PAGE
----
Eye health and the pandemic – another unhappy marriage

Largely as the result of the confinement imposed by the current pandemic, our daily habits have been altered. Spending more time than usual in front of computer screens and mobile phones, remaining at home or reducing the number of check-up appointments have worsened eye health to the point that irreparable vision loss may have resulted in patients with previous or undetected pathologies. These are the conclusions of a report published by Spanish and Portuguese researchers.

According to these experts, during the current pandemic, there has been a reduction in the number of routine appointments and, at the same time, an increase in the time spent in front of computer screens. This combination has affected eye health.

Using near vision and intermediate distance vision constantly has thus intensified. This has aggravated eye diseases, such as dry eye, asthenopia (visual fatigue, weakness or eye strain), red eyes and also myopia (especially in young people).

According to the researchers, dry eye is the most prevalent disorder linked to the pandemic, associated not only with the constant use of screens but also attributed to the use of masks, as both reduce blinking, which works as a lubricant and even a cleaning agent.

Another important aspect resulting from the pandemic is that, globally, eye health has worsened due to the postponement of consultations and tests and, consequently, the delay in obtaining a timely diagnosis of important pathologies, such as age-related macular degeneration (AMD), diabetic retinopathy or glaucoma. These diseases can cause irreparable loss of vision.

For example, AMD leads to a marked decrease in central vision or even blindness, which begins at around age 55 to 60. This disease does not present significant symptoms in its early stages.

Also due to the pandemic, many cataract interventions have been postponed, a situation that has jeopardised quality of life of patients, causing poor visual quality, an increased risk of traffic accidents, falls, fractures and even worsening neurological or psychological problems.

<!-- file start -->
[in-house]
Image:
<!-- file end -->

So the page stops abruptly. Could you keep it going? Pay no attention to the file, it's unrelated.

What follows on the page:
Experts have warned that it is urgent to resume routine appointments and eye exams with the ophthalmologist. All hospitals and clinics have adopted hygiene and sanitary measures, following strict safety standards.

However, it is also important that each individual takes responsibility for his/her eye health by following the advice below:
▪ Look for open air and properly-lit spaces; natural light and in particular the sun are always more beneficial than artificial light;
▪ Work in properly humidified environments; heating or air conditioning dries out the environment and also the eyes. Humidifiers can be a good alternative to avoid dry eye;
▪ Take visual breaks; programme a work routine where, for example, every 20 minutes you rest your eyes for a certain period by looking away from the screen at a spot in the far distance;
▪ Try to use less near and intermediate vision. For example, if you are going to use a screen, it is better to opt for television rather than your mobile phone for the same purpose;
▪ During periods of leisure, always prefer to spend more time outdoors;
▪ Avoid having light reflection on screens. This can cause eye strain;
▪ Blink often: this helps to moisture the ocular surface, and contains many essential nutrients;
▪ Undergo eye exams routinely, annually, at critical ages (at an early age, during pregnancy or over the age of 40);
▪ If you suffer from a pathology already detected, do not neglect treatment or interventions. Despite not having many symptoms, irreparable vision loss often occurs.

Article submitted by the HPA Health Group.